The photosensitive recording elements according to the invention are distinguished by good exposure properties and good developability, as a consequence of which reproduction is faithful and reliable, even of very fine image elements. The photopolymerizable recording layers according to the invention adhere very firmly to metallic or metal oxide substrates without residues being left behind in the washed-out areas in the development of the imagewise exposed recording layer. The photosensitive recording elements according to the invention are generally suitable for all applications in reprography and optical information fixing, in particular for producing printing plates and resist patterns and also, owing to the high flexibility and good adhesion to the base substrate, for producing soldering masks.

The invention is explained in more detail by the Examples below. Parts and percentages are by weight, unless otherwise stated.

EXAMPLE 1

A reaction vessel which is equipped with a stirrer, a reflux condenser and a nitrogen inlet tube is charged in succession with the following components:

20 parts of acrylic acid

50 parts of n-butyl acrylate

30 parts of a polystyrene monoacrylate of molecular weight 4,500

200 parts of methyl ethyl ketone

1 part of azobisisobutyronitrile (=AIBN).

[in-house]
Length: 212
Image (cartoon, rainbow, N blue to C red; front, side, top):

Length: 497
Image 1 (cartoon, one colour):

The mixture is at room temperature in the course of 20 minutes of flushing with nitrogen, and the solution is subsequently refluxed for 8 hours. After cooling down, the solution is precipitated in n-hexane, and the precipitate is dried in a vacuum drying cabinet to leave a polymer which is castable from solution to give a transparent elastic and nontacky film. The polymer has two glass transition temperatures, at +30 C. and +64 C.

EXAMPLE 2

A reaction vessel equipped as for Example 1 is charged with:

20 parts of acrylic acid

20 parts of hydroxypropyl acrylate

40 parts of tetraethylene glycol monoacrylate

20 parts of a polystyrene monoacrylate of molecular weight 4,500

150 parts of methyl ethyl ketone.

The solution is heated to 80 C., and 0.5 part of AIBN is added. After 8 hours of reaction the contents are precipitated by pouring onto petroleum ether. A sample of this polymer is castable to form a nontacky, elastic, transparent film. The polymer has two glass transition temperatures: -9 C. and +55 C.

EXAMPLE 3

Example 1 is repeated to prepare a polymer from a mixture of

30 parts of n-butyl acrylate

20 parts of hydroxypropyl acrylate

20 parts of acrylic acid

20 parts of polystyrene monoacrylate of molecular weight 4,500 in

150 parts of methyl ethyl ketone.

The polymer forms a transparent, elastic, non-tacky film from solution. The glass transition temperatures are -15 C. and +49 C.